A few months after their wedding, Maria went to Europe to film "La Bella Otero", when she was informed that Jorge Negrete was seriously ill at a Hospital in Los Angeles, California. When Maria arrived, he was in coma. He died on December 6th, 1953. Maria came back in Mexico with her husband's dead body. She was strongly criticized for wearing pants, which was not decent for a lady at that time. After some time, during a party at some friend's house, she met the French businessman Alex Berger. Some months later, Alex proposed to her and they got married on December 20th, 1956. It is with Berger that Maria was really happy and complete in the maturest relationship in her life. He built for her a house in Hegel 610 at Polanco and bought 87 racehorses for her. These horses won a lot of international prices such as the French Derby of the Jockey Club with her horse Caracolero, the Great Derby of Dublin, Ireland with her horse Malacate, the Prix Round Point with Nonoalco, one of her favorite horses and the Steeplechase of Paris with her horse Verga. With Alex she lived 6 months of the year in Mexico and 6 months in Paris on a small but comfortable flat just 5 minutes from the Arc of the Triumph.
After 18 years of living together, Alex died in Paris on December 31st. Maria was really sad for a long time. It was after his death when she got depressed. She lost weight. She cried all alone. She locked herself into a room with her pain. Until one morning she said to herself that she had to choices: "Either you die and go to the after life, or stay in this life and endure whatever it may come". Soon after, Maria decided to sell the horses. On December 1981, some friends offered a dinner for her in Paris, where she met Antoine Tzapoff, descendent of Russian immigrants and 20 years younger than her. With him she shared the last years of her life. Maria and Antoine traveled together all along the Mexican Republic. He made painting exhibitions about the Mexican Indians, they also traveled to Valencia, España and on March 13th, 1997 his paintings were exhibited at Paris under the name "When dance becomes a Rite".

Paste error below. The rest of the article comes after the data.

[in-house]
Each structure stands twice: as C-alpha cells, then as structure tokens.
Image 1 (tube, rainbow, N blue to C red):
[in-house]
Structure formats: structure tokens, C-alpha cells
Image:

Lots of famous painters have made portraits of Maria Felix or "La Doña", as she was also called. Some of her paintings are at her home in Mexico City and some others at Cuernavaca. Maria used to say that all her men had been sexy, and she defined a sexy man as: "The one that makes me feel like making love when I see him dressed". That was the main reason why, when she first met Antoine, just one look of love was enough for her to know that they belonged to each other. She was in love again. Antoine promised he would paint her younger and younger everyday, a love pact he accomplished. She in Mexico, Antoine in Paris. They called each other on the phone everyday on what she called "her magic hour". Being still young, her son Enrique suffered a massive hearth attack that killed him in 1996. Maria was in Paris when she heard about his death and she rushed back to Mexico in order to say goodbye to her son. It was devastating for Maria, one of the few times she cried. To honor his memory, Maria published her book "A line on the water", where she included the collection of her pictures that Enrique had gathered through his life as well as a very emotional letter that she had written to her son for the day she died. Ironically, he was never able to read it. "A line on the water" contains pictures of Maria, from the beginning of her career as well as portraits painted by Diego Rivera, Leonora Carrington, Leonor Fini and Antoine Tzapoff among others. The prologue was written by the Literature Nobel Award winner Octavio Paz an it also includes a speech given by the French Ambassador in Mexico, Bruno Delaye, when he gave her the Medal of the "Ordre des Arts et des Lettres".
The book shows images of her houses in Polanco and Cuernavaca, and all her prizes and trophies both for her films as for her racehorses.